Chang v. Virgin Mobile USA is not the typical intellectual property rights case. A prolific member of Flickr, Mr. Wong has more than 11,000 photographs there that anyone with the time or inclination could page through. And, until recently, those photographs carried a license from Creative Commons, a nonprofit group seeking alternatives to copyright and license laws. The license he selected allowed them to be used by anyone in any way, including for commercial purposes, as long as Mr. Wong was credited.
Instead, the case hinges on privacy, the right of people not to have their likeness used in an ad without permission. So, while Mr. Wong may have given away his rights as a photographer, he did not, and could not, give away Alison’s rights. In the lawsuit, which Mr. Wong is also a party to, there is an argument that Virgin did not honor all the terms of the nonrestrictive license.
(Virgin Mobile USA, in a statement, did not address the issues in the lawsuit but said that, as a “independent entity from Virgin Mobile Australia,” it had been “erroneously named” in the suit. An e-mail message to a Virgin Mobile Australia spokeswoman was not answered.)
Damon Chang, Alison’s brother, wrote in an e-mail message from Taiwan that he “personally sent Virgin Mobile a complaint letter” asking for an explanation. “They responded by saying they are ‘promoting creative freedom,’ that they didn’t do anything wrong,” Mr. Chang wrote. “I take that as, ‘We didn’t do anything wrong, hence we could do it again.”
The lawsuit, filed by the Changs’ lawyer, Ryan Zehl, from the Houston law firm Fitts Zehl, also names Creative Commons. Mr. Zehl said, “as the creator of this new license, they have an obligation to define it succinctly.”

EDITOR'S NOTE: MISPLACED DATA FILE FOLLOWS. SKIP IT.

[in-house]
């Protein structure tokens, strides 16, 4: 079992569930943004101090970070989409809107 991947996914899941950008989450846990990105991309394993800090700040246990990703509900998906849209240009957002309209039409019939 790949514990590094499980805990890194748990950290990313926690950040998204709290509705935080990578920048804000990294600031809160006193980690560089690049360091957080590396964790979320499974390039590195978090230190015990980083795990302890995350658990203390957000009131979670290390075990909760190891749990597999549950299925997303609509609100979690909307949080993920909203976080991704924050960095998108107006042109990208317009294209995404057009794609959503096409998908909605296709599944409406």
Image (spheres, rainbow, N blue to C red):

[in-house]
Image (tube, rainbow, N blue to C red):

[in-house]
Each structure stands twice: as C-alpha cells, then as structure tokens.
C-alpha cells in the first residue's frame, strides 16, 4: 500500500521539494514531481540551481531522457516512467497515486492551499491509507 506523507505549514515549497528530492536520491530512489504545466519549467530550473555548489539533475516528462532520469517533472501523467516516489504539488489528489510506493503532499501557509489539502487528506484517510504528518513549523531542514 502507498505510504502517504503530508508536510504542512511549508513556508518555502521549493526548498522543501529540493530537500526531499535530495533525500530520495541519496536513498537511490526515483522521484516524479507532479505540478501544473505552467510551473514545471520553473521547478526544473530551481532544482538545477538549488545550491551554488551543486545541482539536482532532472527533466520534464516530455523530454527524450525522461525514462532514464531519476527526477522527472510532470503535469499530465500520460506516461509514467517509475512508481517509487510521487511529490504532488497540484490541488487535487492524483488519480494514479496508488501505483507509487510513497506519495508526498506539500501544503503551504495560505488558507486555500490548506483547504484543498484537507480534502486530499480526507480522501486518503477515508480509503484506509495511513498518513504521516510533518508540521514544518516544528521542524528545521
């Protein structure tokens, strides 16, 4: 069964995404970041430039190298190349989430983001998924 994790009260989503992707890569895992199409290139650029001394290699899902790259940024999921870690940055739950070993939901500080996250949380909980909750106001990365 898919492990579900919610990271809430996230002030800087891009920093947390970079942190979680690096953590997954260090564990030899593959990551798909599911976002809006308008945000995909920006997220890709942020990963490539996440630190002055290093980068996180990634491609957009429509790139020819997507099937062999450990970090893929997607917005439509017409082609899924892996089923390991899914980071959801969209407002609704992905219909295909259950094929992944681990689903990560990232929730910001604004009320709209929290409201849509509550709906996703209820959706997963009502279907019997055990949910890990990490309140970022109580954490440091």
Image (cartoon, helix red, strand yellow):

He said that the term “commercial use” was too vague to inform users of the license and that it was incumbent on Creative Commons to raise the issue of the rights of the people who appear in the picture.
Lawrence Lessig, the Stanford law professor who was served the papers on behalf of Creative Commons, said he was sympathetic to the Changs’ plight.
But, added that, “the part about us is puzzling. It says we failed to instruct the photographer adequately, but the first question is, ‘do you want to allow commercial uses?’”
As for giving more advice about the rights of the subjects who appear in photographs, Mr. Lessig said that Creative Commons has to be careful not to provide “what looks like legal advice.” But, he added, “this photographer did nothing wrong when he took this photo of this girl, and posted it on his Flickr page. What he did wasn’t commercial use, which triggers the legal issues. If there was a problem here, it was by Virgin.”
In the world of creative works, photography has always been in a category alone. The camera was seen as a “soul stealer” in its infancy, and the fact that a photograph was a copy of reality intrigued theorists like Susan Sontag, who wrote presciently in “On Photography” (1977) about the attraction to photographs felt by ad directors.
“Photography does not simply reproduce the real, it recycles it — a key procedure of modern society,” she wrote. “In the form of photographic images, things and events are put to new uses, assigned new meanings which go beyond the distinctions between the beautiful and the ugly, the true and false, the useful and the useless, good taste and bad.”
She concluded, “In the form of a photograph the explosion of an A-bomb can be used to advertise a safe.”